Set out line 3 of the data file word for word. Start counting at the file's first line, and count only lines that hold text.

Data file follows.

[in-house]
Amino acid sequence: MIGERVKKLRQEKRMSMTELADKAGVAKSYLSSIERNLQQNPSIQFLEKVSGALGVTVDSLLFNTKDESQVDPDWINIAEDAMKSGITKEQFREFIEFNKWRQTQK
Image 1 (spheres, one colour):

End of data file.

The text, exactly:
Image 1 (spheres, one colour):